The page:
Wednesday, September 17, 2014
By Kat Aaron
Friday, December 13, 2013
Mayor Bloomberg is extending east river ferry service for five more years.
Tuesday, October 29, 2013
By Stephen Nessen : Reporter, WNYC News
Life changed for thousands in our region almost a year ago when Sandy blew in. For Raul Romero, a resident of Rockaway Beach, that change is most evident every morning when he boards the Sea-Streak Ferry for his morning commute.
Tuesday, July 30, 2013
By Kate Hinds
The coming outage of the R train tunnel under the East River will inconvenience straphangers from Bay Ridge and Sunset Park. A ferry will serve as a low-cost option, but not for very long.
Wednesday, January 09, 2013
(WNYC Newsroom-- New York, NY) Emergency crews are at the Wall Street Pier responding to ferry accident that injured 30 to 50 people, according to police and fire officials. The Seastreak Wall Street catamaran ferry came from Highlands, New Jersey and struck a dock at Pier 11 during rush hour in lower Manhattan.
Tuesday, November 20, 2012
By Kate Hinds
The dream of a South Shore ferry for Staten Island will soon be a reality -- albeit a fleeting one.
To improve the post-Sandy commute for some of the hardest-hit areas of the southernmost borough, New York City is soliciting bids for temporary ferry service from Great Kills to two separate points in Manhattan. The service -- which will be made possible by FEMA funding -- is expected to be up and running by Monday, November 26th.
The existing Staten Island Ferry operates between the northern tip of the borough -- difficult to get to for residents further afield -- to the Battery in lower Manhattan, which is experiencing its own issues: the South Ferry subway station, seriously damaged during the storm surge, remains closed.
This isn't the first time the idea of a ferry on the southern tip of the island has been raised. According to a story earlier this year in the Staten Island Advance, there was a 1997 plan to operate a fast ferry between Great Kills Harbor and Manhattan, but it "was thwarted by community opposition."
A press release from the city says the service will operate for eight weeks and will include "six trips leaving a newly-constructed landing at Great Kills between 6:00 AM and 9:00 AM, bound for Pier 11 at Wall Street and continuing on to 35th Street, and six return departures in the afternoon, between 12:00 Noon to 6:15 PM. The one-way fare will be $2.00, comparable to fares for temporary ferry routes established in the Rockaways."
Friday, November 02, 2012
By Kate Hinds
(UPDATED 11/2/12) The first Staten Island Ferry since Hurricane Sandy will depart at noon Friday, followed by half-hourly service in both directions.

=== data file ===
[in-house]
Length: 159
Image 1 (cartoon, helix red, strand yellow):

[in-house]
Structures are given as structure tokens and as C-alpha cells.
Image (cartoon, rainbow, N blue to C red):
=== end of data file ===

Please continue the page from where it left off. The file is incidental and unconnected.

New York City Department of Transportation Commissioner Janette Sadik-Khan had Transportation Nation Thursday: "I'm hopeful that by tomorrow afternoon, I'll be talking to you live from the ferry terminal."
The city shut down ferry operations in advance of Hurricane Irene. Although the fleet wasn't harmed in the storm, the docks suffered damage.
Sadik-Khan also said high-occupancy vehicle restrictions would remain in place through midnight Friday. "Then we'll revisit it," she said, pending restoration of subway service.
The DOT has been working with the city's Metropolitan Transportation Authority to bridge the gap in subway service between Brooklyn and Manhattan, and has instituted special shuttle bus service and bus-only lanes to speed travel over the Manhattan and Williamsburg Bridges. Temporary bus lanes have also been set up on either side of the bridges on Third and Flatbush Avenues.
On a normal weekday, said Sadik-Khan, 728,000 people take the subway into Manhattan from the Jay Street, Atlantic Avenue/Barclays Center and Hewes Street subway stations. Over 200,000 people usually drive over the East River Bridges.
Sadik-Khan said the dedicated lanes were working. "Traffic was tough today," she said, "but it's pretty good flow considering the challenges that we face."
Friday, May 25, 2012
New York's East River ferry service boats will more than double in size on weekends, to accommodate 399 passengers as opposed to the current 149. The bigger boats will operate on summer weekends.
The boats will operate every 45 minutes from 9:35 am until 9:30 am on the weekends, making stops in Governor's Island.
On weekdays, the vessels will operate from 6:45 AM until 8:45 PM. in both directions. During morning and evening peak hours, there will be three boats running every twenty minutes. During weekday off-peak hours, there will be two boats running on a thirty-minute schedule.
According to the city, "Ferry service was launched on June 13, 2011, as part of a 3-year pilot program to provide year-round ferry service between East 34th Street and Pier 11 in Manhattan, Long Island City in Queens, Greenpoint, North Williamsburg, South Williamsburg, and DUMBO in Brooklyn, and seasonally to Governor’s Island."
"The service costs riders $4 for a one-way ticket, $12 for an unlimited all-day pass, and $140 for an unlimited monthly pass. Ferries accommodate bikes on board for an additional dollar. Ticketing machines are available at all commuter locations along with staffed ticket agents at some stops."